JazzBabies, it’s a Sunday in the summer as I write. Not quite a Sunday in the park with George, but a beautiful day in its own right. Still, the world seems to be falling apart what with a fair amount of bad news this past week, and a different person might ask, “How can you think about music at a time like this?”
My answer would be, “How could we not?”
From marches to hymns, from symphonies to sambas, music reminds us of our better nature and, let’s face it, a lot of fine music has come out of the worst of times and the toughest situations. “The Boogie Woogie Bugle Boy of Company B” and “I’ll Be Seeing You” meant something to a lot of GIs about to hit the beaches. And the movie Good Morning, Vietnam, based on the life of a battlefield DJ, gave us a soundtrack for Vietnam.
So, in the face of much anger, sorrow, chaos and confusion, we’re here to keep the music going today. Not to ignore what’s happening elsewhere, but to remind ourselves that anger, sorrow, chaos and confusion are only one part of the picture. Let’s not get lost in it.
Not every jazz musician gets the kind of start John Pizzarelli had with his dad, the legendary Bucky Pizzarelli. But John was not one to rest on the family laurels. He’s made his way with his own talent and recordings and live performances over his 50-plus years. His album Dear Mr. Cole, released in 1994, is considered perhaps his best and here’s a bouncy tune from that album to kick things off, “What Can I Say Dear,” with John on guitar and vocals, Benny Green on piano and Christian McBride on bass. This tribute to Mr. Nat “King” Cole swings! https://www.youtube.com/watch?v=fws2AexxNQo
Charlie Parker wrote it, Dexter Gordon plays it. And plays it about as up tempo as a musician can get. The tune is “Confirmation,” and Gordon included it on his 1955 album, Daddy Plays the Horn. This is the kind of tune that requires a musician – or a vocalist – to stop thinking and just let it carry him or her away. Few vocalists have recorded it – Sheila Jordan and Jay Clayton come to mind – but it’s sometimes used as training for wannabe jazz vocalists. Kind of like starting with a marathon run. I know. I was one of Jay Clayton’s students. “Sailing away with you when the moon was shining bright, that night, that night, the night I first saw you…” Let’s just leave it to Dexter Gordon this time with Kenny Drew on piano, Leroy Vinnegar on bass and Lawrence Marable on drums. Daddy does play that horn…https://www.youtube.com/watch?v=nCjibEEpQuI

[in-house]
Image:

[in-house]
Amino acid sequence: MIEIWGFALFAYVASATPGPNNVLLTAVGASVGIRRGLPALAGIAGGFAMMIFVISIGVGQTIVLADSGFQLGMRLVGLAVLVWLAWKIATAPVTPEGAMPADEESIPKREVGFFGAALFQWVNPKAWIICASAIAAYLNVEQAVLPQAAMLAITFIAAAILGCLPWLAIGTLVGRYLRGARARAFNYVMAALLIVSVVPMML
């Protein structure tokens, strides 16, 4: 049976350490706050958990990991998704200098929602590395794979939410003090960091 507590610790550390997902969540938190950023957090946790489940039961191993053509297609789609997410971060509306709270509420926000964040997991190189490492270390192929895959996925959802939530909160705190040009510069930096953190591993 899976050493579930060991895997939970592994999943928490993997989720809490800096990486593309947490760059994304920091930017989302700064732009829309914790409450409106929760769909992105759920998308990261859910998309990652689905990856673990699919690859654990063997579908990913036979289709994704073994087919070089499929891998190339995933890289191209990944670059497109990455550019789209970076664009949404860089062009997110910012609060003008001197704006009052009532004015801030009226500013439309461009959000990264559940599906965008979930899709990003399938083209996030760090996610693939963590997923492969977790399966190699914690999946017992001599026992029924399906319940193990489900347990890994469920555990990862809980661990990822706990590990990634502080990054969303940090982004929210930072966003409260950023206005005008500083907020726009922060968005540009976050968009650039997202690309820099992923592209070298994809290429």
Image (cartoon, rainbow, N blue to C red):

Seattle’s Garfield High School has produced so many jazz greats, it’s as if the Jazz gods and goddesses have personally blessed that school. Perhaps none is better known than Quincy Delightt (great name) Jones, also known simply as “Q.” Jones had an extra boost early on from the legendary Ray Charles, who inspired Jones after Jones heard him and introduced himself when he was still in high school. Jones went from Garfield to Seattle U and then to Berklee to study music. A bit of trivia: While at Seattle U one of his classmates was another music major, Clint Eastwood, who has such a reputation for his love of jazz. Small world. Jones spent a lot of time in Europe in the 1950s and in 1957, recorded his first album, This Is How I Feel About Jazz. The album included his composition, “Stockholm Sweetnin.” There’s so much more to say about Quincy Jones – his life, his work, his contributions, his music – but for now, let’s just listen to this fine tune in a recording that features, Quincy Jones, Art Farmer, Phil Woods, Hank Jones, Paul Chambers and Charlie Persip, among others. https://www.youtube.com/watch?v=EUQHW61PgE4
Raise your hand if you’ve ever fallen in love. Okay, JazzBabies, let’s not always see the same hands…Falling in love is a wonderful experience whether you’ve fallen for a person, a song, a place, a Ben & Jerry’s ice cream flavor, or any of the countless things the universe offers. But few have the blinding and mind-rattling effect of falling in love with somebody. If you’ve done it, and I see that many of you have, you’ll recognize the lyrics of this 1934 Ray Noble tune recorded in 1963 by Nancy Wilson on her Capitol album, Yesterday’s Love Songs/Today’s Blues. The album might also have been titled Yesterday’s Pop Tunes/Today’s Jazz Classics. Life’s funny that way. I always like a singer who includes the verse. I like Nancy. Listen for Joe Pass on the guitar here. https://www.youtube.com/watch?v=rqdIfdM5_fM
Now for a little fun before we head back into the fray, JazzBabies. Jimmy Van Heusen and Johnny Burke were responsible over the years for some of our favorite songs. Van Heusen composed with a number of lyricists but the Van Heusen/Burke duo produced hits like “Here’s That Rainy Day,” “Like Someone in Love,” “Moonlight Becomes You,” and “But Beautiful,” to name a few. This next tune was written for the 1945 Bing Crosby movie, The Bells of St. Mary’s. In the movie, Bing sings it to a group of kids. And when Sesame Street came along, the song was perfect for a different bunch of kids. Bob McGrath, a regular on Sesame Street, recorded it and now you, too, can sing along with Big Bird! McGrath also recorded Songs of Pogo based on the Walt Kelly character. Ain’t life grand? And fun, when it’s not falling apart? https://www.youtube.com/watch?v=RLYDOzJ6FIc
On that happy note, I’m going to bounce out of here, JazzBabies. I leave you with a thought from Finian of Finian’s Rainbow who once noted: “Things are hopeless, hopeless, but they’re not serious.”
Okay, maybe a little bit serious.